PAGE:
"When a wise man has a controversy with a foolish man, the foolish man either rages or laughs, and there is no rest." ~Proverbs 29:9

"Not to know of what things one should demand demonstration, and of what one should not, argues want of education." ~Aristotle

"It is the mark of an educated mind to be able to entertain a thought without accepting it." ~Aristotle
keithprosser
Posts: 5,450
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12/18/2017 8:01:04 PM
Posted: 1 month ago
At 12/18/2017 6:35:49 PM, philochristos wrote:

I think the soul/self is an immaterial entity. It's not made of anything physical. I suppose if I were to give a name to the substance it's made of, I'd just call it "soul."

That's fair enough - but I don't like that view because it is 'dualist'. That is to say it proposes that there are two sorts of stuff in the universe - ordinary matter and 'soul stuff'. That isn't actually totally unscientific - inventing a second sort of stuff to explain something is what lies behind the notion of 'dark matter'! Dark matter is proposed to explain the otherwise anomalous rotation curve of galaxies; soul-stuff is proposed to explain such things as consciousness and free will!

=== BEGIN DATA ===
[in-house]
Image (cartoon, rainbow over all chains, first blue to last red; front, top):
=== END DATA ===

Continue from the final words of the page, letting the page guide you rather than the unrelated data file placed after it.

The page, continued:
The big problem with such dualistic ideas was noticed as soon as Decartes gave the first clear exposition of dualism in the c17 - how does an immaterial soul interact with the ordinary matter of body? AFAIK descartes never solved that probem. He famously suggested that the pinneal gland was the interface between body and soul, but no-one really believed him even then!

To describe a more monist apprach i am going to make an assumption about you, philochristos, that I hope you do not find too offensive - ie that you prefer black coffee to white coffee, ie opposite of my taste.